In line with Government advice, to help protect customers and colleagues of Jobcentre Plus, from 24 March Jobcentre Plus doors will be temporarily closed.

Customers can access support online through the DWP website where telephone services are also listed (or for UC customers, through the UC digital account).

Customers needing to speak to DWP about an existing claim should call:-

  • Universal Credit - 0800 328 5644
  • Jobseekers Allowance, Employment & Support Allowance & Income Support - 0800 169 0310

All local office Jobcentre Plus Centres can be contacted but in EMERGENCY ONLY matters.

Universal Credit and Tax Credits increase

On Friday, 20 March 2020 the Chancellor announced that the standard rate in Universal Credit and Tax Credits will be increased by £20 a week for one year from 6 April. Click here for helpful tips when applying for Universal Credit.

Housing assistance

The Government announced a package of measures to protect tenants and landlords affected by coronavirus. Renters will receive nearly £1bn additional support, through increases in housing benefit and Universal Credit.

From April 2020, Local Housing Allowance rates will pay for at least 30% of market rents in each area.

Other measures to protect tenants and landlords include:

  • Emergency legislation to suspend new evictions from social or private rented accommodation while this national emergency is taking place.
  • No new possession proceedings through applications to the court to start during the crisis.
  • Landlords will also be protected by extending the three-month mortgage holiday to Buy to Let mortgages.

As a result, no renter in either social or private accommodation will be forced out of their home during this difficult time.

DWP suspending debt recovery

DWP are suspending debt recovery activity as soon as possible and until further notice. This includes all benefit-related overpayments, Social Fund loans and Tax Credit debts. Many activities will cease immediately but others may take longer to implement. What this means is:

  • They will not seek debt recovery by deducting Universal Credit for benefit overpayments, Social Fund loads and Tax Credit debts managed by Debrt Management. This action will commence immediately but an IT solution will need to be implemented to stop some deductions for Debt Management.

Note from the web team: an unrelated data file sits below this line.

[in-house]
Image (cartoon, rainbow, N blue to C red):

• Local Authorities will suspend the referral of Housing Benefit overpayments.
  • Recovery from estates will temporarily cease.
  • For those who are not on benefits, the DWP have directed private sector debt collection agencies to stop their activity for Debt Management customers and are suspending voluntary debt repayments and recovery by Direct Earnings Attachments.

The transfer of Tax Credit debt from the HMRC has already been suspended.

Please note the deduction of Universal Credit payments for the recovery of Advances will continue.

Those entitled to free school meals

A voucher scheme has launched for children unable to access free school meals in England due to the COVID-19 crisis. Where it's not possible to provide meals for collection or delivery, schools can now issue a weekly shopping voucher worth £15 for each eligible child electronically, or as a gift card for those without access to the internet to use in a range of supermarkets.

Changes to the applications for Jobseeker's Allowance (JSA) and Universal Credit

Guidance has been issued in relation to recent miscellaneous changes to social security made in response to the COVID-19 outbreak. In particular, amendments to Regulations 2020 which include:

  • The lifting of work search and work availability requirements in Universal Credit and JSA
  • Disregarding periods of sickness relating to coronavirus for the purposes of calculating short periods and extended periods of sickness in JSA

Please note, the above changes currently cease to have effect on 12 November 2020.

In relation to Universal Credit, it's also advised that the regulations provided for the Secretary of State to have discretion to make variations to the application of the minimum income floor for self-employed claimants, and to increase the standard allowances for the period 6 April 2020 to 5 April 2021. The standard allowances have been increased to:

  • £342.72 for single claimants under 25
  • £409.89 for single claimants aged 25 or over
  • £488.59 for joint claimants both under 25
  • £594.04 for joint claimants where either is aged 25 or over

Contact details are as follows:

  • For new claims to Universal Credit:
  • For new claims to New Style Employment and Support Allowance: 0800 328 5644
  • For new claims to New Style Jobseekers Allowance: 0800 055 6688

Changes to Carer's Allowance

The DWP has confirmed the introduction of two temporary Carer's Allowance amendments in response to the COVID-19 outbreak. The DWP sets out the following measures designed to 'help unpaid carers through the current emergency':

  • Carers will be able to continue to claim Carer’s Allowance if they have a temporary break in caring, because they or the person they care for gets coronavirus, or if they have to isolate as a result
  • The provision of emotional support to a disabled person will now count towards the Carer’s Allowance threshold of 35 hours of care a week

PLEASE NOTE: this information was correct at the time of publication on 8 April 2020